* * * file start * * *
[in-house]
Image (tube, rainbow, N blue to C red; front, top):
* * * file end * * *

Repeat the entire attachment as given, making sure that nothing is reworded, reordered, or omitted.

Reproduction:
[in-house]
Image (tube, rainbow, N blue to C red; front, top):